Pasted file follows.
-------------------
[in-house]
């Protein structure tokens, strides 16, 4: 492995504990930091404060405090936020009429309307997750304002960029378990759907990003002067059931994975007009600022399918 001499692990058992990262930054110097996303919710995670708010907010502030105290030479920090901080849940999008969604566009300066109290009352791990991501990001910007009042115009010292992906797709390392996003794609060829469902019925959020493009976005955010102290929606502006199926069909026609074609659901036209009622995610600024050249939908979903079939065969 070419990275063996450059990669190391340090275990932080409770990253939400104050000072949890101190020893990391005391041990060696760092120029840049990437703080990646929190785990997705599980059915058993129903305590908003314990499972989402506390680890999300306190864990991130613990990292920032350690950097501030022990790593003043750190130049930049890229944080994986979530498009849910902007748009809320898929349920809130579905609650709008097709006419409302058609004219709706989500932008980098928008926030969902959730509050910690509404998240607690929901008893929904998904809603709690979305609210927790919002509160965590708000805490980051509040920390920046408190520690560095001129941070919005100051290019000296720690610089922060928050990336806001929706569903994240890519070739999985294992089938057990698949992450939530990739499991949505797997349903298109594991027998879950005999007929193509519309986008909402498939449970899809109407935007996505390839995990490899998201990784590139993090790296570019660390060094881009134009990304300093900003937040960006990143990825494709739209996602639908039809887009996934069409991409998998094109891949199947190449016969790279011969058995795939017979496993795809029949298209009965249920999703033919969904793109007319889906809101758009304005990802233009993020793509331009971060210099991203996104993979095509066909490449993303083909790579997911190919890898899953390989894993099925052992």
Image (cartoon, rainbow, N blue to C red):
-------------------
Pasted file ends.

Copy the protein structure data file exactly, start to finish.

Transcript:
[in-house]
């Protein structure tokens, strides 16, 4: 492995504990930091404060405090936020009429309307997750304002960029378990759907990003002067059931994975007009600022399918 001499692990058992990262930054110097996303919710995670708010907010502030105290030479920090901080849940999008969604566009300066109290009352791990991501990001910007009042115009010292992906797709390392996003794609060829469902019925959020493009976005955010102290929606502006199926069909026609074609659901036209009622995610600024050249939908979903079939065969 070419990275063996450059990669190391340090275990932080409770990253939400104050000072949890101190020893990391005391041990060696760092120029840049990437703080990646929190785990997705599980059915058993129903305590908003314990499972989402506390680890999300306190864990991130613990990292920032350690950097501030022990790593003043750190130049930049890229944080994986979530498009849910902007748009809320898929349920809130579905609650709008097709006419409302058609004219709706989500932008980098928008926030969902959730509050910690509404998240607690929901008893929904998904809603709690979305609210927790919002509160965590708000805490980051509040920390920046408190520690560095001129941070919005100051290019000296720690610089922060928050990336806001929706569903994240890519070739999985294992089938057990698949992450939530990739499991949505797997349903298109594991027998879950005999007929193509519309986008909402498939449970899809109407935007996505390839995990490899998201990784590139993090790296570019660390060094881009134009990304300093900003937040960006990143990825494709739209996602639908039809887009996934069409991409998998094109891949199947190449016969790279011969058995795939017979496993795809029949298209009965249920999703033919969904793109007319889906809101758009304005990802233009993020793509331009971060210099991203996104993979095509066909490449993303083909790579997911190919890898899953390989894993099925052992």
Image (cartoon, rainbow, N blue to C red):